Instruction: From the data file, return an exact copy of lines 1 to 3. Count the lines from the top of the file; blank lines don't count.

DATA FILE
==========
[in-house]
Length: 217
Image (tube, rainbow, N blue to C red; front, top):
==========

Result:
[in-house]
Length: 217
Image (tube, rainbow, N blue to C red; front, top):